Nothing to Fear, There’s no Bubble in the Calgary Housing Market, says CMHC.
If you had money in the real estate market back in 2007 and 2008, then you know how devastating it can be when a housing bubble bursts. Although the damage was much worse south of the border, when it became clear that Canadian banks had been giving out mortgages to people who had no business applying for that much financing — and had no shot at paying for the loans they had taken out — then the air flew out of the balloon, and home values plummeted. People who had been paying for years on their mortgages found they were upside-down anyway because their equity wasn’t enough to compensate for the drop in value.
There are some real estate markets in Canada that are at risk of a fairly sharp correction in real estate prices — Canada Mortgage and Housing Corp. has identified Winnipeg, Regina and Toronto as being in danger. However, Calgary is on the “low risk” list that CMHC has released. The agency considered four factors: overbuilding, overvaluation, overheating and swift growth in housing prices.
Why are different parts of the country reacting differently to the economy? The key has to do with the low price of oil. Because oil prices remain low, fewer people are moving into the Calgary area. While that has depressed other areas of the economy, it has also kept housing prices from climbing out of control, as they are a danger to do in several other parts of Canada. So while prices are going up, they are doing so at a rate that is more likely to remain stable. Also, builders are not putting up housing that is likely to go unused. While CMHC chief economist is seeing “a modest amount of overvaluation” in the Calgary market, there has not been the sort of “economic event [that would] cause the fundamentals to change dramatically” in the Calgary economy as of yet.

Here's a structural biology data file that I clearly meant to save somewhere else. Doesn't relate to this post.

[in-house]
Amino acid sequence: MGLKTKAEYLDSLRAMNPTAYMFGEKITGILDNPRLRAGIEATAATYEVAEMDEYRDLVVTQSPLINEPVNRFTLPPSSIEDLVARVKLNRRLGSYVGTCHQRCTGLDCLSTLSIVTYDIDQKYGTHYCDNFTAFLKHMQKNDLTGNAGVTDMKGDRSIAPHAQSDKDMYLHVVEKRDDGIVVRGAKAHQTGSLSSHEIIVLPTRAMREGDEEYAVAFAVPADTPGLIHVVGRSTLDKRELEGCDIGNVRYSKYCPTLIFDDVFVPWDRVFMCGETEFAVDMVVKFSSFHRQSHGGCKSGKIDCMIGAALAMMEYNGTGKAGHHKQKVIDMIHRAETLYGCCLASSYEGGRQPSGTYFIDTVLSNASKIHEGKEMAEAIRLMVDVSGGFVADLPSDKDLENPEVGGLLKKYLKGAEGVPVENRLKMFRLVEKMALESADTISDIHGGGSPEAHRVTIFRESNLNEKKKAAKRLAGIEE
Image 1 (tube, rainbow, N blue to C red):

Winnipeg and Regina have been in the list of “high-risk” real estate markets in terms of a price correction since April, while Toronto just joined that list. In the case of Winnipeg, overbuilding and overvaluation of home prices have been the two dominant factors. In Regina, the problems are similar — and the condo market there has been particularly ripe for overbuilding.
One city in Canada where prices continue to spiral upward but where a correction is still not seen as likely is Vancouver. In July, the benchmark value of a detached home was $1.1 million. This represents a 16.2 percent increase from July 2014, according to the Real Estate Board of Greater Vancouver.
Could a continued drop in the price of oil make a correction in the Calgary market a possibly? For now, it seems as though the price would have to drop significantly further. One factor maintaining stability is the fairly low number of available rental properties in the middle range of price and size. This is keeping people from selling their homes from the time being, according to Don Campbell, a senior analyst for the Real Estate Investing Network. If oil and gas companies continue to suffer, many more people could have to sell their homes. Right now, land prices are going up, but builders are bringing their prices down — which led to the fact that Calgary home prices only rose 0.1 percent in the month of June.
According to the Calgary Real Estate Board, in July, the average sale price in MLS was $476,446. This represents a 1 percent drop from July 2014. However, the median price was $435,000, which represents a 2 percent increase from July 2014. The benchmark price (the transaction price for a typical market property) was $455,400, which was virtually the same.
If you are considering investing in the Calgary real estate market, talk to one of our specialists at Amansad Financial to find the right sort of mortgage for your needs.